TUE.NOV.11-SUN.NOV.16: Embracing Queer Experimentalism, Technological Change
MIX NYC is a community of artists and organizers joined together to explore, share, and create queer experimental media in an age of constant technological change. The art, its organizers say, is intended for themselves and their community not for markets or museums. MIX 27 –– which screens, except as noted, at the MIX HIVE, 337 Butler St., btwn. Third & Fourth Aves. in Gowanus, Brooklyn –– opens on Nov. 11, 8 p.m. with “Colony Collapse Disorder” ($25 at mixnyc.org), a bee theme appropriate given that the government, just as it dropped the ball on AIDS, failed to take action to avoid the collapse of their hives. Films from Peter Cramer, Chris Berntsen amd January Hunt, and others celebrate the hive of queerness created by MIX. Among other highlights:
On Nov. 12, 6 p.m., “Variance: Making Realities & Virtualities” ($13) is a program of films from Kent Lambert, Allyson Mitchell and Deirdre Logue, Christine Negus, and Oliver Husain that employ different techniques to explode the artificial worlds of found and imagined source material on the screen. On Nov. 12, 7:30 p.m. ($13), “Ancient Future, curated by KB Boyce and Celeste Chan, who founded Queer Rebels in 2008, examines what the queer future and freedom look like. On Nov. 12, 9:30 p.m., Ben Walters curates “BURN Goes Walkabout” ($13), which creates a platform for moving images by cabaret artists and explores what can be done with a camera that they can’t do with only an audience, by taking performance to the streets, doing drag in daylight, getting realness on record, and being in public spaces and the public’s faces.
On Nov. 13-19, 7 p.m. & 9 p.m., plus Nov. 15-16, 4:45 p.m., at Anthology Film Archives, 32 Second Ave. at Second St., MIX presents “Burroughs: The Movie” ($10 tickets, $8 for students, $6 for seniors, available only at Anthology the day of screening), the recovered and restored 1983 film by the late Howard Brookner that includes interviews with Allen Ginsberg, Patti Smith, and Terry Southern. Tom DiCillo, the film’s director of photography, appears on Nov 13, 7 p.m., and Jim Jarmusch, who did the sound recording, appears on Nov. 18, 7 p.m.
Bruce LaBruce’s “Pierrot Lunaire” ($13), adapted from the Arnold Schoenberg music of the same name, with Susanne Sachsse as the trans man Pierrot, screens on Nov. 13, 7:30 p.m. Filipe Afonso, on Nov. 13, 9 p.m., curates “Queer Wi-Fi: Do Trust Strangers” ($13), which explores the time we spend in front of screens navigating virtual worlds, swapping genres, and creating new avatars, fantasies, and anxieties.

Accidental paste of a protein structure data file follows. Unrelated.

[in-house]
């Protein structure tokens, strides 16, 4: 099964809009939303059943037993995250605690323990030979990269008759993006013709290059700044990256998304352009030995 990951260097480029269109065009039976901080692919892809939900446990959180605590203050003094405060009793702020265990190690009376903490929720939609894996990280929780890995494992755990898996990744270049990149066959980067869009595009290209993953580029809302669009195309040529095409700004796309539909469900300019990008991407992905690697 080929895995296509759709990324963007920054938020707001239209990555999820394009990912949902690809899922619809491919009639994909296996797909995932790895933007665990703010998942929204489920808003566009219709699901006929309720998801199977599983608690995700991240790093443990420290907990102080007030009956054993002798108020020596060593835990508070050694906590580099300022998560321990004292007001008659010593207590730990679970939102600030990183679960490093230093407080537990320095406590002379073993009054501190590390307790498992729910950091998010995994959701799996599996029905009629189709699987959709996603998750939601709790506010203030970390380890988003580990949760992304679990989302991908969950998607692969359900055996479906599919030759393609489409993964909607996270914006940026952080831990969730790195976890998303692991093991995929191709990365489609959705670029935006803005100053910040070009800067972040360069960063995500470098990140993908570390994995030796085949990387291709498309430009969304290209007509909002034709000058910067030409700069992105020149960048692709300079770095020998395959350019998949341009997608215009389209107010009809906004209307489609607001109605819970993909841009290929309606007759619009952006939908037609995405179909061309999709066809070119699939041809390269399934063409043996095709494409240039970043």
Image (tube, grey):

On Nov. 14, 6:15 p.m., UnionDocs, 322 Union Ave., a block off Grand St., Bushwick, screens “I Always Said Yes” ($9), Jim Tushinski’s affectionate portrait of gay erotic art filmmaker Wakefield Poole, which Gay City News’ Gary M. Kramer described as “a terrific queer history that recounts Poole’s life and work —from his experiences as a dancer in the Ballet Russes to his success making ‘artistic, erotic — not dirty’ films, which include his blockbuster successes ‘Boys in the Sand’ and ‘Bijou,’ as well as the fascinating flop ‘Bible!’” On Nov. 14, 8 p.m., MIX screens Oiticica Filho’s first film, “Hélio Oiticica,” ($13), about his uncle who was one of the most important Brazilian artists of the 20th century. On Nov. 14, 10 p.m., Shine Louise Houston curates “The Intimate Eroics” ($13), a program that examines how using “intimacy” as a pornographic element reveals new perspectives on kinky queer sex and exposes the vulnerability in pornography.” MIX screens Charles Lum and Todd Verow’s “Age of Consent” ($13), about the London all-male fetish club the Hoist, which opened in 1996 and is still around today, on Nov. 14, 11:30 p.m.
Pablo Oliverio’s “Cine Tomado” ($13) which combines vibrantly manipulated live action video and hand-drawn animation in a story that provokes us to consider the place of artists and artistic institutions in a world full of threat, screens on Nov. 15, 4 p.m. “Un(dis)sing Our Abilities,” an experimental sexplicit short movie showcase presented by Periwinkle Cinema that explores sensuality, intimacy, safety, and consent through the lens of the less-represented –– those of us dissed, dismissed, (mis)labeled, disabled, and generally passed over in mainstream queer crowds –– screens on Nov. 15, 6 p.m. Ethan Reid’s “Peter De Rome: Grandfather Of Gay Porn” ($13) which celebrates the life of a filmmaker whose sense of mischief has not diminished even at age 90 and which revisits some of the most orgasmic moments caught on film, screens on Nov. 15, 8 p.m.